While I can find quite a bit of fault in this book if it was designed as adult reading to inspire deeper thought, I'd have rated it lower.But as a book aimed at, I presume, teens and maybe 'tweens, this is a good start with some simplified examples and some biographical information on the philosophers and their take on life.You will not be spouting the differences between Hume and Kant with any authority after reading this but a young reader might be intrigued enough to walk away wanting to learn more, and that's the point, in my opinion, of this book. Most adult writings on this subject would be intimidating to teens; this book is very comfortable and reassuring of their being able to understand the basics of a deeply difficult subject.I would gladly give this away as a gift to high school kids and not worry that the pedantic parents of some of them would point out the oversimplification of parts of the book. It's a basic learning experience, designed to get younger minds more engaged with the subject and does not confront them with more than they can be fed in one sitting.Recommended for teens and age-appropriate kids, not recommended for Ph.D.'s in Philosophy; in other words, "Beginners" as right there in the title.Review of: The Philosophy Book for Beginners: A Brief Introduction to Great Thinkers and Big Ideas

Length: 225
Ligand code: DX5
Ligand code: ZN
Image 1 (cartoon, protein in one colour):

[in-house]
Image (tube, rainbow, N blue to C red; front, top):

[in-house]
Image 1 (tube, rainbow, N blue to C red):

This book makes philosophy so approachable and understandable -- thank you! It's organized into three sections -- metaphysics, epistomology, and axiology. Then within that, entries are organized around big questions -- Can the existence of God be proven or disproven? Can we know anything? What is truly real? What is beauty? What is art? It's very easy to browse and pick a question that's been interesting you to see what the philosophers have to say about it. Within the chapters, the text easily and clearly moves between explanation and example, so you walk away with a clear sense of what philosophers were thinking about that topic. And it sparks your own thinking about it, for sure. Each section ends with a thought experiment taken from a philosopher -- the sidebar pulls you through the activity on your own with question prompts. My kids were SUPER engaged with this book, reading a section, talking about it with each other, and teaching me what they learned. Made for really great discussions at our house. Highly recommend as a gift or addition to a classroom library.

The Philosophy Book for Beginners: A Brief Introduction to Great Thinkers and Big Ideas
⭐ 4.4 💛 93
paperback: $7.65